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Why Your Nonprofit Needs A Unique Value Proposition

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Once you’ve defined your nonprofit’s donor personas, you can craft a personalized, relevant message that persuades them to care about your cause and get involved.

To be most effective, however, that message needs to demonstrate not only the importance of your cause, but also the distinctive value of your organization’s approach. You can achieve this through clearly defining your nonprofit’s unique value proposition (UVP).

A unique value proposition does exactly what its name suggests: it describes the exclusive, continuous value your donors will gain by supporting your cause. Specifically, it answers two questions:

  • What makes your cause unique and worthy of support?
  • How is supporting your nonprofit beneficial for both your prospective donors (either individuals or businesses) and the community?

Whatever message best communicates with your supporters, it should convince them that your organization provides a solution for their needs and concerns.

First, establish goals.

Whether long- or short-term, clearly define your organization’s objectives, its direction, and (if possible) a way to measure the end results.

  • How do you want supporters and/or the community to perceive your organization?
  • What does your organization want to accomplish?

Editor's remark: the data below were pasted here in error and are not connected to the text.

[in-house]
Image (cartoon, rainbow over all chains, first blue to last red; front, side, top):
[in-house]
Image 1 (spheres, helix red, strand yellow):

• What is the best result you can expect to deliver?

Next, analyze your current situation.

Take a hard look at your organization as it stands, and build a clear, objective picture of how well-positioned you are to achieve your goals. (Remember: sum up your organization here as it actually is, not as you want your audience to see it. An accurate analysis—even if it’s not a favorable one—will help you better identify your distinctive value qualities.)

  • Clearly define your values, mission, structure, and systems. Are they cohesive in their purpose and function? Do they send a message that’s consistent with your cause?
  • Pinpoint your organization’s strengths (what you do well) and weaknesses (what needs work or re-evaluation).
  • Identify any social, economic, or political factors that can affect your organization, such as community demographics, legal guidelines, or controversial viewpoints.
  • Understand your organization’s position relative to competing nonprofits:
    • What sets your cause apart from that of other similarly-minded organizations?
    • How does their work affect your community?
    • What do their supporters like most about their work?

Last, create your Unique Value Proposition.

Remember, a compelling UVP does more than argue for your cause. It persuades prospective donors to invest in your organization, and explains how their sponsorship will make a difference, bring a benefit, or create an opportunity that they won’t find elsewhere.

  • Speak to your target audience. How does your approach solve challenges or make a difference in a way that others don’t?
  • Focus on a return for investment. Develop a detailed cost analysis (or illustrate a significant social profit) to show your supporters exactly where their donations will go.
  • Emphasize sustainable, continued value. Show donors that the benefits or rewards of supporting your cause go beyond their initial contribution.

The process of defining a UVP should help your organization form a better bird’s-eye-view of how well its systems and structures align to accomplish its goals. Once you’ve determined where you want to go and how well-prepared you are to get there, you can shape a powerful message to attract the right supporters to your nonprofit’s cause.

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